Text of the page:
Chinese film and television tycoon Sir Run Run Shaw died last Tuesday morning at 107.
It is hardly exaggerating to say that Sir Run Run was one of the most influential men in modern China. His company's dominance in Chinese film and television for at least half a century has shaped imaginations and reminiscence of traditional China of millions of people at home and abroad. Perhaps not so much so in mainland China until the early 1980s, but certainly in Hong Kong, Taiwan and countless Chinese communities spreading across Southeast Asia and North America since the 1950s.
There is no point to deny that I have grown up being fed with TVB's melodramas, in particular those in ancient costumes. Only a toddler who hardly knew how to speak eloquently, I was addicted to watching Chinese Folklore, short dramas based on popular Chinese folklore that lasted no more than five episodes for each story. In retrospect, the series was most likely my first lesson in Chinese literature. Perhaps this is also why I never had any serious problem memorising all those similar plots of classical fiction and drama for my Chinese literature class more than 10 years later.
Folklore aside, what I found most addictive was martial arts drama, especially those adapted from the bestsellers by Louis Cha. The Legend of the Condor Heroes starred by Barbara Yung and Felix Wong was my all-time favourite, although the original novel is far from being so. Only until the early 1990s when I had a better chance to learn about the golden age of post-war Hong Kong cinema did I realise that TVB's success was essentially built on the solid foundation of Shaw Brothers, which earned its reputation for its martial arts and Chinese folklore in huangmeidiao genres.
To me, the remarkable success of Sir Run Run's film and television empire is more cultural than economic. From my personal experience, his productions have defined, if restricted, my imaginations of traditional China in one way or another. Make-up and costumes, for example, are the most visible. If I never had any interest in history, I am most likely to be one of those many who believe what they see on television is a truthful account of the past, or at least pretty close. More importantly, when I watched foreign productions of the same genre, many of them look like a sore in the eye at the first glance, simply because they are very much different to the Shaw model, if I may. This is too obvious when comparing any TVB's martial arts drama based on Louis Cha novels with those produced in mainland China. It has nothing to do with the lavish sets and costumes, screenplay and cinematography adopted by more recent, mainland Chinese productions. The flavour is indeed very much different. Only until then did I realise that I have taken the Shaw model for granted for too many years, and thus have to make an extra effort to battle my prejudice in order to truly appreciate foreign works of the same genre.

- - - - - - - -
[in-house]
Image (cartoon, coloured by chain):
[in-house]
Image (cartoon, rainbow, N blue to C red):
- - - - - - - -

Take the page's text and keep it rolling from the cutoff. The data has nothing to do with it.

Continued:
Some visitors to this blog are very spot on to comment that his cultural success is more coincidental than anything. I can’t agree more. Indeed, Sir Run Run was a businessman inside out. Offering what appeals to the audience to maximise profits seems to be his paramount concern. Comparing Shaw Brothers’ films to those of MP&GI, Shaw Brothers’ major competitor in Mandarin cinema during the 1950s and early 1960s, their differences are too obvious to be ignored. Both companies have attained remarkable commercial and cultural success, but few would agree that their works actually differed in fundamental, artistic terms such as aesthetic taste, temperament and values.
Although personally I do not feel strongly about the demise of the old man, which could have happened any time, I do feel compelled to thank him for whatever his entertainment empire has achieved, for better or worse. Thank you, sir. May you rest in peace. You will be remembered not by how much you owned, but how many lives you have shaped or changed in post-war Hong Kong and beyond.